In 2008, Fitbit released their first product, the Fitbit Tracker, a small device that clipped onto clothing and recorded how many steps the user had taken which were then calculated into distance walked and calories burned.
In May 2013, the first fitness tracking wristband, the Fitbit Flex, was released by Fitbit. Since then, companies such as Apple, Nike, and Samsung have released items similar to the original Fitbit Flex.
In 2015, the wearable fitness device market became a $1 billion industry.
So, what makes these devices so popular?
All of the fitness trackers count steps like a pedometer. The higher quality devices also calculate the number of calories burned in a day, heart rate, blood oxygen level, skin temperature, perspiration, body weight, body mass, and even track and measure sleep. The Apple Watch, for example, has almost all these qualities with the addition of being able to text and make calls from the watch itself.
This new form of technology gives the consumer knowledge that they could not have calculated themselves. They motivate the wearer to reach their 10,000 step goal or sleep an extra hour, in essence, making them healthier. Wearable fitness devices encourage fitness and helps make fitness part of a daily routine.
However, the step counter and sleep monitor are both based off of wrist movements, which does not allow for the most accurate results. The step counter could be altered by any movement that affects the wrist.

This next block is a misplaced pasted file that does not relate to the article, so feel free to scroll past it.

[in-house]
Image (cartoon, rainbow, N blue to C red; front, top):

One Fitbit owner reported that his steps were being counted as he was sitting in a rocking chair. Additionally, sleep pathologists have announced that it is brain patterns and not wrist movements that accurately depict the state of sleep one is in.
The University of Pittsburgh began a two-year study in 2010 to see how much of an effect wearable activity trackers really had on weight loss. The results were a surprise to many.
The study consisted of almost 500 adults, who were all on a weight loss program; however, only half were given wearable technology halfway through the study.
The research showed that those who wore wearable fitness tracking devices lost less weight in comparison to those who were not wearing them, despite being on the same weight loss program.
“In fact, participants without physical activity trackers showed nearly twice the weight loss benefits at the end of the 24 months. Participants who used wearable devices reported an average weight loss of 7.7 pounds, while those who partook only in health counseling reported an average loss of 13 pounds,” according to the study.
Although these devices do not help the user lose as much weight, they do help motivate the user to exercise and stay active.
The University of Pittsburg’s study: http://jamanetwork.com/journals/jama/fullarticle/2553448